\documentclass{2800hw}
\usepackage{amsmath,amssymb,latexsym}
\usepackage{enumitem}
\begin{document}
\name{Siddhartha Chaudhuri}
\netid{sc2663}
\homework{1}
\maketitle
\begin{exercises}
\item
{\bf (3 points)} {\bf A broken proof:} A student is asked to prove that 17 = 35. They submit the following ``proof'':
\[
\begin{array}{rcll}
17 & = & 35 \\
17 - 26 & = & 35 - 26 & \textrm{(subtract 26 from both sides)} \\
(17 - 26)^2 & = & (35 - 26)^2 & \textrm{(square both sides)} \\
17^2 - 2 \times 26 \times 17 + 26^2 & = & 35^2 - 2 \times 26 \times 35 + 26^2 & \textrm{(expand)} \\
17^2 - 2 \times 26 \times 17 & = & 35^2 - 2 \times 26 \times 35 & \textrm{(cancel $26^2$)} \\
17^2 & = & 35^2 - 2 \times 26 \times 18 & \textrm{(add $2 \times 26 \times 17$ to both sides)} \\
289 & = & 1225 - 936 & \textrm{(plug it into a calculator)} \\
289 & = & 289 & \textrm{(Q.E.D.)}
\end{array}
\]
Explain the faulty reasoning in this ``proof''.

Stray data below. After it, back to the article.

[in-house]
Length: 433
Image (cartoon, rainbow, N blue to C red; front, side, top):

\item Prove from first principles (set theory, Kolmogorov's axioms) or give a counterexample for each of the following:
\begin{enumerate}[label=\alph*)]
\item {\bf (3 points)} $P(A \cap B) \ \leq \ P(A)$ for any events $A$ and $B$.
\item {\bf (3 points)} If $A \subseteq B$ but $A \neq B$ then $P(A) < P(B)$.
\item {\bf (3 points)} If $A_1, A_2, \dots, A_n$ are mutually exclusive events and $\bigcup_i A_i = S$ (the entire sample space), then for some $i$, $P(A_i) \geq 1/n$.
\end{enumerate}
\item
{\bf (3 points)} Two Cornell students missed their final exam because they were partying in New York City the night before. Desperate for a make-up test, they lied to the professor that they had a flat tire while returning. The professor agreed to give them a make-up test, as long as the students sat in separate rooms. When they opened the paper, they found a single question, worth 100 points: ``Which tire was it?''
What's the probability the two students will give the same answer? Justify your result and clearly state any assumptions you made.
\item {\bf Drawing pairs:}
\begin{enumerate}[label=\alph*)]
\item {\bf (2 points)} You have 10 red, 10 green and 10 blue pairs of socks in a drawer. What's the probability that if you randomly pull out two socks without looking, they will be the same color?
\item {\bf (3 points)} You have 10 red, 10 green and 10 blue pairs of shoes in a (very large) drawer. What's the probability that if you randomly pull out two shoes without looking, they will be the same color {\em and} a left-right pair?
\end{enumerate}
Justify your answer in both cases.
\end{exercises}
\end{document}